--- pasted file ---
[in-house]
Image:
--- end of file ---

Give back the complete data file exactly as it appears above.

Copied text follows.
[in-house]
Image: